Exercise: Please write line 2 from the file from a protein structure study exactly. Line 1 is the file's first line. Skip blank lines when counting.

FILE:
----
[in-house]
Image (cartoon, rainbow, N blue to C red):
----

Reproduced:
Image (cartoon, rainbow, N blue to C red):